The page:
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Holiday Gift Guide

The Critics' Choices

December 09, 2007

For that hard-to-please person on your gift list, who better to offer guidance than our most discriminating colleagues-- The Times' critics. Here are their holiday picks, from "flash fiction" and DVD classics to scents and spa treatments.



Christopher Knight

Times art critic

More nonsense has been written and spoken about Andy Warhol's work than about any other art of the last 50 years. So the insightful PBS documentary, "American Masters: Andy Warhol" (PBS, $24.99), came as a bracing surprise. No wonder the four-hour analysis, now available on DVD and with lots of great archival footage, won a 2006 Peabody Award.

L.A.-based publisher BukAmerica has issued its fourth set of six gorgeously designed pamphlets ($11.95) that can be slipped into a pocket or purse for perusal while waiting for the subway or grabbing a cup of coffee. The new offerings include poems by Modern art's first great critic, Charles Baudelaire, and animal portraits by the late photographer Peter Hujar.




Times film critic

Sunday Press Books has done it again. After its dazzling reprint edition of "Little Nemo in Slumberland," the Palo Alto press returns with "Sundays With Walt and Skeezix" ($95), a massive 16-by-21-inch edition showcasing the best Sunday pages of the "Gasoline Alley" strip from 1921-'34. Created by Frank King, "the gentlest and most domestic of strip artists," this comic wins you over with its emphasis on the characters' human qualities.

DVD sets bring you an entire universe. The "Blade Runner: Five-Disc Ultimate Collector's Edition" (Warner Bros., $78.92) comes in the briefcase that held the dread Voight-Kampff machine. The 12-disc "Hopalong Cassidy: The Complete Television Collection" (Infinity Entertainment Group, $79.98) offers a more innocent world, with all of Hoppy's 1950s TV episodes and 10 earlier features. Most impressive of the bunch is the 24-film "Ford at Fox" (20th Century Fox, $299.98), which includes a beautiful hard-bound book and all those John Ford classics.

Silent movie fans will cherish "The Valentino Collection" (Flicker Alley, $39.98) and Eisenstein's "Battleship Potemkin" (Kino, $24.99), the result of a 20-year pan-European restoration project. The politically aware will relish the astonishing "Darwin's Nightmare" (Home Video, $26.99) and the savage Japanese World War II doc "The Emperor's Naked Army Marches On" (Facets, $29.95). And the Alastair Sim 1951 "A Christmas Carol" (VCI Entertainment, $19.99) presents the best version of the Dickens classic.

Mary McNamara

Times television critic

"The Sopranos Season Six" (HBO, $199.96). They may have loved the final episode, or hated it, but "Sopranos" fans will appreciate the opportunity to complete their collections or pore through episodes leading to that fateful moment looking for clues.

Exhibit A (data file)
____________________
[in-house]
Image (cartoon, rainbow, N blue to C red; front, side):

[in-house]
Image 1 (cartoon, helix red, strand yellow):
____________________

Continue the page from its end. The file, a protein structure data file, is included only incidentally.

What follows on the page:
For those who feel that life is no longer worth living, two terrific shows should more than fill the void: "Brotherhood," the first season (Showtime, $27.99). One brother's a thug, the other's a politico, neither of them the most moral creature ever evolved, but the tension between their two worlds, and the gorgeous evocation of street life in Providence, R.I., make this a perfect substitute for waste-management shenanigans in New Jersey. "Big Love," the complete second season (HBO, $59.99). Who knew the perfect TV marriage would be polygamous? With the mix of female drama--with three wives, how could there not be drama--and the fire-'n'-brimstone gang wars of Juniper Creek, "Big Love" had a nearly perfect second season.

Flip through Netflix, take a walk through Blockbuster and it's obvious--television isn't just about television anymore, it's about DVDs. Try a Philips 10.2-inch DVD player ($279.99), and those hours spent waiting in airports will fly by.

Forget the Barcalounger. The most comfortable TV viewing chair is--wait for it--a nursing rocker. In my house, it's the chair everyone fights over when the set goes on. There's a nice selection at the L.A. Rocking Chair Store from $200 to $2,400. 304 S. La Brea Ave., Los Angeles, (323) 937-7858.




Times book editor

"The Yiddish Policemen's Union," by Michael Chabon (HarperCollins, $26.95). Chabon's sixth novel is an alternate history masterpiece--a murder mystery set in an imaginary Jewish homeland that occupies a sliver of the Alaskan coastline. Part of the fun has to do with Chabon's understanding of the tropes of genre fiction, but what makes the novel sing is his ability to evoke the inner lives of his characters: their sins and sacrifices, their struggles and their desire to be redeemed.

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